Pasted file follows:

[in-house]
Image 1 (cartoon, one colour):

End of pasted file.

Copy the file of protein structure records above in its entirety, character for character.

[in-house]
Image 1 (cartoon, one colour):